On Jan. 16, 2009, an Israeli tank shell hit his daughters’ room, five seconds after he had left it.

“I would not want anyone to see what I saw,” he said.  “Where was my Bisan, 20, who went at age 14 to a peace camp with Israelis to learn how similar we are?  Where was Mayar, 15, who planned to be a doctor?  Where was Aya, 13, who wanted to be a lawyer to be a voice for the voiceless?”

Aware Gazans had become numbers, Izzeldin affirmed that the craziness must stop with this tragedy:  “We may like something and find it’s not for good.  We may not like something, and find it’s for good,” he said.

To discourage his son from violence and hate, he encouraged him to know “your sisters are with their mother.”

To keep balance, he kept moving, determined not to give up.  As a Muslim, he encourages people to spend as much time as possible with the people they love.

“It’s time for us to understand that the most holy things in the universe are other human beings and freedom.  We all come from Adam and Eve, created to know, care about, respect and have compassion for each other.  We must run our lives as free human beings.  No one should fear unemployment, homelessness or hunger.  For me to be free, all must be free.  We must fight for the freedom of all,” Izzeldin said.

We must treat each other as human souls, seeing beyond divisions of ethnicity and religion to find commonalties,” he said.

As he wrote the book, he said that he suffered and wanted to hate, but knew if he did, he would be drawn into “the ocean of hate.”  Although his pain was severe and his wound deep, he did not want to become another victim of hate.

Hate is a poison.  When it’s injected, we never recover,” Izzeldin said.  “My focus is on prevention.  It’s more effective to immunize oneself and one’s children from hate.  The antidote to hate is success.”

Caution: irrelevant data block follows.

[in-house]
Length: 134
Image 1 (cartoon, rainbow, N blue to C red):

Instead of using a weapon like the one that killed his daughters and niece, he used his education to stand stronger and gain wisdom.

His daughter Shada, then 17, who survived but lost her right eye and has malformed fingers, did not lose her compassion.  She is determined to study computer engineering to achieve her sisters’ dreams of higher education.

Izzeldin feels outrage when he goes to the grave, but chooses to use that anger to bring change.

Our enemies are our ignorance of each other and greed.  We must learn about others so the world can be safe.  We need both justice and security,” he said, noting that justice is what he wants for others.  “Change does not come from outside but from within our hearts, minds and souls.”

He quoted the Rev. Martin Luther King, Jr., that “our lives begin to end when we are silent about things that matter” and when “good people do nothing.”

Izzeldin believes “we need more than words.  We need presence and action.  It’s time for each of us to do something,” he said.

I am confident the world can be changed by justice, truth and peace,” he said, adding that part of truth is for men to realize they are indebted to their mothers, wives and daughters, and to challenge calls for budget cuts that affect the health of women and children.   

Now Izzeldin wants to see the plans of his daughters fulfilled by other girls, so he has started a scholarship fund called, Daughters for Life, Education and Health Canada.   It will give 35 awards in six countries this spring.  He hopes women receiving the awards will work to end wars and hate.

Izzeldin called conference participants to “smash the mental and physical barriers within and among us and to take action.”

“The future is our priority.  Our children are the future,” he said.